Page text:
Scaffolding an Application From Existing Database with EF Core on ASP.NET Core

By Master Owl / March 11, 2018

Oh hey there! In my last blog post I looked at Microsoft Cognitive Services. Today, I thought I would continue this little Microsoft streak and dive into another Microsoft products – ASP.NET Core 2.0 and EF Core.
If you write software for a living or just for fun, you’ve probably worked with databases before. A couple of days ago, during the regular cleaning of my hard drive, I’ve found an old database with Orders data from my previous projects. So, today our task will be to scaffold an API from my existing SQL Server database and create a simple UI to present the data to the users.

What should I have installed in order to follow along?

Orders database

In order to follow along this blog post you’ll need to import Orders database into your SQL Server. The database can be found here on Github. This process is pretty straightforward. Open SQL Management Studio, then right click Databases -> Restore database.

Create a new project

We’ll kick things off by creating a new Web API project.

  • File –> New project –> ASP.NET Core Web Application
  • Enter solution name: OrdersViewer
  • Select Web API project template

Reverse engineer Order model

Now it’s time to create the EF model based on existing database. To do that you need to replace server connection string with your own and run this command from NuGet console in Visual Studio:

  • Tools –> NuGet Package Manager –> Package Manager Console

Scaffold-DbContext "Server=localhost\SQLEXPRESS;Database=orders_database;Trusted_Connection=True;" Microsoft.EntityFrameworkCore.SqlServer -OutputDir Models

The reverse engineering process created entity class Orders.cs, and a derived context orders_databaseContext.cs based on the schema of the existing database.
The entity classes are simple C# objects that represent the data you will be querying and saving. The context represents a session with the database and allows you to query and save instances of the entity classes.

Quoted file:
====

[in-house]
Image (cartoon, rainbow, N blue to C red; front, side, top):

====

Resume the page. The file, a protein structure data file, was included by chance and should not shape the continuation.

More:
Now we need to add a Data folder and put our context there to conform with the separation of concerns pattern. We’ll also rename our context to OrderContext.cs and Orders.cs to Order.cs since it’s more logical that way.

Remove inline context configuration

In ASP.NET Core, things like dependency injection, services that are going to be used, generally configured in Startup.cs class. So, we need to move database provider configuration there.

  • Open OrderContext.cs
  • Remove the OnConfiguring(...) method
  • Add the following constructor, which will allow configuration to be passed into the context by dependency injection

public OrderContext(DbContextOptions options)
    : base(options)
{ }

Register and configure OrderContext.cs in Startup.cs

Now we need to make sure that API is aware of what to do when it encounters a need for an OrderContext. We are going to register our context as a service.

  • Open Startup.cs
  • In the ConfigureServices(...) method add the following code:
  • 
    public void ConfigureServices(IServiceCollection services)
    {
        services.AddMvc();
        var connection = @"Server=localhost\SQLEXPRESS;Database=orders_database;Trusted_Connection=True;";
        services.AddDbContext<OrderContext>(options => options.UseSqlServer(connection));
    }
    

In order for this to work, we need to add the following using statements at the top of the file:


using Microsoft.EntityFrameworkCore;
using OrdersViewer.Models;

Create a controller

Because we started this as API project, by default the ValuesController.cs was created for us. That’s a good example for us of how the controller code should look like. Let’s create an OrdersController.cs:

  • Right-click on the Controllers folder and select Add -> Controller…

Paste the following code in the controller file:


using System;
using System.Collections.Generic;
using System.Linq;
using System.Threading.Tasks;
using Microsoft.AspNetCore.Mvc;
using Microsoft.EntityFrameworkCore;